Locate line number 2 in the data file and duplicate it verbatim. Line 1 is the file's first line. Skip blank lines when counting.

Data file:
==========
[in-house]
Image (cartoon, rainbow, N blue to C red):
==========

Image (cartoon, rainbow, N blue to C red):